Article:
I can not help but wonder if some of the seed did not get enough chill after they were sown late in February. Maple, ash, elm, birch and arborvitae might require more of a chill through more of winter to be convinced that the warm weather afterward really is spring. I am not quite ready to give up on them yet.

There are still many more very old seed to sow this autumn. For most, I do not expect germination to be any better than it was for this previous batch.

This little California fan palm seedling certainly seems determined to survive.

Summer Vegetables Like Warming Weather

Summer Vegetables Like Warming Weather

Tomato, pepper and eggplant plants should be out in the garden by now. They typically get planted only a few weeks after the last threat of frost, so that they can start to disperse their roots early. Growth above ground accelerates as the weather gets warmer. Fruit develops and ripens through summer.

These three types of vegetable plants get planted as seedlings for two main reasons. First, when they go into the garden, seedlings are bigger and more established than seeds that need to take time to grow are. Secondly, the cost of the few plants needed for an average garden is not much more than the cost of seeds.

Now, zucchini, melon and summer squash can be done either way. Not many plants are needed, so the expense of seedlings is minimal. However, seedlings are a bit more fragile than those of tomato, pepper and eggplant. Seeds grow so efficiently that they get established almost as readily as seedlings do, so are just as practical.

Regardless of how they get planted, the weather has been so odd this year that there has been only minimal advantage to planting seedlings and sowing seed on time. Tomato, pepper and eggplant plants that were planted early may not be much more mature than what could be planted now. Harvest will be delayed either way.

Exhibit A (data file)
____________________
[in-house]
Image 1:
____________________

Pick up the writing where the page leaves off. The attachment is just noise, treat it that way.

Bean, cucumber and corn all grow best from seed. Seedlings take more time to recover from transplant than seed take to germinate and grow. Besides, so many plants of each type are needed that seedlings would be expensive. A single package of seed is cheap and goes a long way, so is probably sufficient for an average garden.

Corn is one of those vegetables that produces on a rather tight schedule. Seed that gets sown at any particular time matures at the same rate, so that all the fruit finishes at about the same time. This is why corn gets sown in phases. If timed properly, a subsequent phase begins to produce as the preceding phase gets depleted.

Winter squash, including pumpkin, are similar to summer squash, although they are more tolerant of unusually cool spring weather. They too can either get planted as seedlings or sown as seed. They take their time to produce fruit that ripens by autumn, so have more time to catch up.

Horridculture – Neglected Seedling

They are so cute when they are young.

This was not planned very well. Actually, it was not planned at all. While sorting through the seed for a vegetable garden, I found a can of seed for winter squash that was a few years old. They might be close to five years old. I really do not remember. I did not expect them to be viable, but did not want to discard them without at least trying to test them for viability.

Rather than just put them in damp rag for a few days, I plugged a few seed into a spider plant on a windowsill, and forgot about them. I really did not expect to see them again. When the first one emerged, I though it was a weed, so plucked it out. When I realized what it was, and that it came out intact, I felt badly for it, and like the original seed, could not discard it.

I do not remember why, but at the time, I did not want to go out to can it in a real pot. Nor did I want to plug it into the garden while I was still getting other seed situated. I therefore planted into an empty eggshell from those drying for coffee. I scraped a bit of medium from a potted bromeliad. It was happy on the windowsill for maybe a few weeks.

The other seed germinated too, but were more carefully removed and plugged into the garden. Since the seed was still viable, I sowed more around the junipers outside. Somehow, in the process, I neglected to put the little seedling in the eggshell out into the garden with them. It has not been happy in here, so has not grown much at all.

Now that the winter squash are already growing well outside, and the summer squash are already producing, this unfortunate seedling still needs to go out to join them.

If I were to grow seedlings inside again, I would do so in some of the cell packs that we recycle from work. They are more efficient, less wobbly, and they do not look so ridiculous.

Now it wants out!